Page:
Platonic Relationships with the Opposite Sex: Are They Possible?

JacquiAre platonic relationships like fairy tales and wishing wells: real only in the mind? Some say it is possible for men and women to be just friends as long as bodies don’t collide and minds don’t wander down dark halls trying the knobs on locked doors…wondering…Nope. Don’t wander, they say. Stay in the front room and keep your hands where they can be seen. Singularly focus on his/her funny conversation, winning charm, (Isn’t that what’s so great about him anyway?), the highlights from the game last night and the favorite movies you both love. You can do it with a little bit of mind control. But is it a matter of control or pure naivety without measure to think this way?

Others say, Impossible. Once you start trying to forge those kinds of friendships, doors swing open like the automatic ones at supermarkets, sucking you in in cyclonic fashion. (I guess that’s where that term, It just happened derived) My hubby swears it just can’t be done and it’s a clear violation of everything manly to even try because, a man is just going to be a man—sigh. Now he’s not saying that friendships strictly at work are not possible. (He’d better not be saying it.) But after work activities like catching a flick, an evening meal or just hanging out with no end to a means  is not doable without things getting…sticky.

Jacqui Barnes the main character of my novel, In Three Days will soon tell you her experience, in March. All 6’2 of her friend, Curtis Carter is there for the taking—that is, for his wife, which, she is not. So she must settle for that good old platonic relationship. Although she’s had a thing for Curtis in years past the distance between them has allowed a mature and sensible Jacqui to emerge; one who respects the vows of marriage and would not dare venture out with a man wearing a band–at least this is what we’re rooting for. You see, they have more in common than he and the wife. Both are steadily climbing the corporate ladder, often skipping a rung or two. Both have recently experienced the pangs of difficult relationships—Jacqui’s a divorcee of two years, Curtis is struggling to keep his marriage together– stitch by stitch. But doesn’t everybody need a little solace now and then from someone whose only commitment is being there; there’s no judging, fighting, no angry voices? They need someone who builds their self-worth reminding them that they are fine just as they are and that he or she was a fool for leaving anyway.  How do you maintain this fine balance?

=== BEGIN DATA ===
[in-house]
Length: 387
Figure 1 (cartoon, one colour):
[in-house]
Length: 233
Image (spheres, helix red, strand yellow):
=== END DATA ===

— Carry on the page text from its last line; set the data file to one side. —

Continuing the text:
According to renowned psychologist Dr. Phil McGraw, platonic relationships like this only work if boundaries are set:

  • Don’t share personal information with that person
  • Don’t talk to them about your marriage/problems in your marriage
  • Don’t throw alcohol into the equation, because things can get murky indeed.

There is always the lingering question as to whether or not both sides are truly committed to being platonic. What do you think? Please share your thoughts.


About Dorcas Graham

I have been a professional writer for more than 20 years; primarily technical writing and freelance journalism. My passion for fiction writing brings me here. Now I have the opportunity to pursue what I love! My debut novel, In Three Days is now available on and I'm happy to share this exciting journey with you. In addition to updates of what's happening, I will also add tidbits of information and writing tips I have learned along the way. I welcome your comments. Enjoy!
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